Tag: burnout (page 1 of 2)

Health and sanity before profit

This is an interesting article that takes the tennis player Naomi Osaka’s withdrawal from the French Open as a symptom of wider trends in the workplace.

Many Americans have experienced burnout, and its adjacent phenomenon, languishing, during the pandemic. Unsurprisingly, it has hit women, especially mothers, particularly hard and women’s professional ambition has suffered, according to a survey by CNBC/SurveyMonkey. This trend might be read as a grim step backward in the march toward gender egalitarianism. Or, as in some of the criticism of Ms. Osaka, as an indictment of younger generations’ work ethic. Either interpretation would be misguided.

A better way of putting it: Ms. Osaka has given a public face to a growing, and long overdue, revolt. Like so many other women, the tennis prodigy has recognized that she has the right to put her health and sanity above the unending demands imposed by those who stand to profit from her labors. In doing so, Ms. Osaka exposes a foundational lie in how high-achieving women are taught to view their careers.

In a society that prizes individual achievement above most other things, ambition is often framed as an unambiguous virtue, akin to hard work or tenacity. But the pursuit of power and influence is, to some extent, a vote of confidence in the profit-driven myth of meritocracy that has betrayed millions of American women through the course of the pandemic and before it, to our disillusionment and despair.

Source: Naomi Osaka and the Cost of Ambition | The New York Times

How to recover from burnout

The World Health Organisation (WHO) defines occupational burnout as “feelings of energy depletion or exhaustion; increased mental distance from one’s job, or feelings of negativism or cynicism related to one’s job; and reduced professional efficacy.”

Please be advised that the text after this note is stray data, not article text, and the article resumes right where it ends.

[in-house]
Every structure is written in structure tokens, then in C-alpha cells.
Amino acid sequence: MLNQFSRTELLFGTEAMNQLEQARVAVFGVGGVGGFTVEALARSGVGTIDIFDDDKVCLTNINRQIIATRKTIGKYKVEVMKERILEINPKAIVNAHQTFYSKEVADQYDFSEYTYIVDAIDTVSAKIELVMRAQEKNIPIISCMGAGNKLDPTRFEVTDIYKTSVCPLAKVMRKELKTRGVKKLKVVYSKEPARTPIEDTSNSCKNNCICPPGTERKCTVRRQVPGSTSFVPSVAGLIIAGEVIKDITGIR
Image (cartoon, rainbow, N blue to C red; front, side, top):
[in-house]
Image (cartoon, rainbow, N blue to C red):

Based on that definition, I’ve experienced burnout twice, once in my twenties and once in my thirties. But what to do about it? And how can we prevent it?

I read a lot of Hacker News, including some of the ‘Ask HN’ threads. This one soliciting advice about burnout received what I considered to be a great response from one user.

Around August last year I just couldn’t continue. I wasn’t sleeping, I was frequently run down, and I was self-medicating more and more with drugs and alcohol. It eventually got to the point where simply opening my laptop would elicit a fight or flight response.

I was lucky enough to be in a secure enough financial situation to largely take 6 months off. If you’re in a position to do this, I highly recommend it.

I uninstalled gmail, slack, etc. from my phone. I considered getting a dumb phone, but settled for turning off push notifications for everything instead. I went away with my girlfriend for a week and left all my tech at home except for my kindle (literally the first time I’ve been disconnected for more than a couple of days in probably 20 years). I exercised as much as possible and spent time in nature going for walks, etc.

I’ve been back at it part time for the last few months. Gradually I felt the feelings of burnout being replaced with feelings of boredom, which is hopefully my brain’s way of saying that it’s starting to repair itself and ready to slowly return to work.

I’m still nowhere near back to peak productivity, but I’m starting to come to terms with the fact that I may never get back there. I’m 36 and probably would have dropped dead of overwork by 50 if I kept up the tempo of the last 10 years anyway.